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6. De Blasio attends gay-friendly St. Patrick's Day event
New York City Mayor Bill de Blasio marched Sunday in a gay-friendly St. Pat's for All parade in Queens. De Blasio said he still respected Police Commissioner William Bratton's decision to attend the traditional St. Patrick's Day celebration in Manhattan on March 17, even though it excludes gays. Organizers of Boston's biggest St. Patrick's Day parade, scheduled for March 16, struck a tentative agreement to lift a 20-year ban on gay groups. [New York Post]
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7. Yet another brutal winter blast hits the East
The latest in a rapid-fire series of harsh winter storms slammed the East Coast early Monday after blanketing the central U.S. with snow, ice, and freezing temperatures. Washington, D.C., was expected to get nine inches of snow, forcing the House of Representatives and the Senate to postpone Monday business. The weather, which has affected 90 million people, is "a real mess," said National Weather Service meteorologist Bruce Sullivan. [Reuters]
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8. Suicide attack kills 11 in Islamabad court complex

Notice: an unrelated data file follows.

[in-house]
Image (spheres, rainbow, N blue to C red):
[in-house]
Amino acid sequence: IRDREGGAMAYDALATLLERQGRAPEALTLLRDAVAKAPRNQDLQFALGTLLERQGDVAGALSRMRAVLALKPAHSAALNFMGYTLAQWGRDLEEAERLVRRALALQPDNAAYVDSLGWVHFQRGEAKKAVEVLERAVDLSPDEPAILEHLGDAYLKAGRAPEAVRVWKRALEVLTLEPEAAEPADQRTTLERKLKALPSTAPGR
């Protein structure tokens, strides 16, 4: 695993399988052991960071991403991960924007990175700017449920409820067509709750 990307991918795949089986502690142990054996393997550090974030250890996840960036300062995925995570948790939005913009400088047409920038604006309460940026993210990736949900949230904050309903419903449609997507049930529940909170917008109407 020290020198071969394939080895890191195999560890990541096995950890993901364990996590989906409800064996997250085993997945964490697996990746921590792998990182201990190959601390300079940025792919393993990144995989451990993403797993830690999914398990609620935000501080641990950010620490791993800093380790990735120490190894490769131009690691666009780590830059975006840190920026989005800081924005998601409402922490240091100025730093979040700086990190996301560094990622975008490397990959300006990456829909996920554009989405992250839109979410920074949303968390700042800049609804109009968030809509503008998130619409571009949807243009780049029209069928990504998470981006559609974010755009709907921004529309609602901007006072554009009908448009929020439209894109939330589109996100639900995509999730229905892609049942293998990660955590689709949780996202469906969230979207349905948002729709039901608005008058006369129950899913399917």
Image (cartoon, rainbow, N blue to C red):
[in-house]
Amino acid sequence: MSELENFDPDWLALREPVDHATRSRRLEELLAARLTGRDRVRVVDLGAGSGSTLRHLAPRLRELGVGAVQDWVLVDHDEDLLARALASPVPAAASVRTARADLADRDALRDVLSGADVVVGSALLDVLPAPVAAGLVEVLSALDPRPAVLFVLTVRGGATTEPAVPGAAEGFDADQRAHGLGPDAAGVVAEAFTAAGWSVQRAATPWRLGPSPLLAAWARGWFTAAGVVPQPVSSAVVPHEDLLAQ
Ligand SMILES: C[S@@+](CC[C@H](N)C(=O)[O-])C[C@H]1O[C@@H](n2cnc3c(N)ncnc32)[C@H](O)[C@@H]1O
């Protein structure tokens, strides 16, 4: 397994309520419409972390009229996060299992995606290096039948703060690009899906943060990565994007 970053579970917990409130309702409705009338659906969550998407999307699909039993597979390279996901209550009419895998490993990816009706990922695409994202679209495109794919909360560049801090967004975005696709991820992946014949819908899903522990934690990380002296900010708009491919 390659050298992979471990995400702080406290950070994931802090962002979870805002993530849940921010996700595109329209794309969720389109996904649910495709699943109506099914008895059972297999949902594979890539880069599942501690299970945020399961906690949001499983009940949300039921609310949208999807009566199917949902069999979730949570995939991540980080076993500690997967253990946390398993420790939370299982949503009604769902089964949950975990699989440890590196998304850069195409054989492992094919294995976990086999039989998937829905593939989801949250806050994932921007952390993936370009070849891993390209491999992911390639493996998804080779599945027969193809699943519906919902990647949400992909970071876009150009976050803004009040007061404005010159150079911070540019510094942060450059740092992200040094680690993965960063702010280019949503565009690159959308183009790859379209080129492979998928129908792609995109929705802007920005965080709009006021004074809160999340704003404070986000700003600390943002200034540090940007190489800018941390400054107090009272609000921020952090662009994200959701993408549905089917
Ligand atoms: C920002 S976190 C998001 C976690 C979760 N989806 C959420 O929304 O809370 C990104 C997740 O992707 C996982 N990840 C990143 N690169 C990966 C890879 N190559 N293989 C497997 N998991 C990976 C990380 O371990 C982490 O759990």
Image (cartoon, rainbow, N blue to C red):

At least 11 people, including a judge, were killed Monday in a suicide attack on a court complex in Islamabad on Monday. Authorities said two or three gunmen opened fire and threw grenades, and two suicide bombers detonated themselves. It was one of the deadliest assaults in the Pakistani capital in years. Over the weekend, the Pakistani Taliban and government had agreed to a monthlong cease fire to restart peace talks. [The Hindu, BBC News]
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9. Disney ends funding to Boy Scouts over anti-gay policies
The Walt Disney Co. is cutting off its funding to Boy Scouts of America troops in 2015 over the organization's ban on gay leaders. A Boy Scouts spokesman said Sunday that the organization was "disappointed" and that the move "will impact our ability to serve kids." Disney typically donates to individual troops, not the national organization. A Disney spokesman did not respond to requests for comment. [The Associated Press]
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10. Henley wins the Honda Classic after McIlroy squanders lead
Russell Henley came from behind to win the Honda Classic in Florida on Sunday, defeating Rory McIlroy, Russell Knox, and Ryan Palmer in a four-man playoff. McIlroy went into the final round of the golf tournament three strokes ahead, only to lose after holding the lead for 54 holes. The playoff lasted just one hole — Henley won with a birdie as the other three shot pars. Tiger Woods withdrew earlier in the day with back spasms. [Palm Beach Post]

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Harold Maass is a contributing editor at TheWeek.com. He has been writing for The Week since the 2001 launch of the U.S. print edition. Harold has worked for a variety of news outlets, including The Miami HeraldFox News, and ABC News.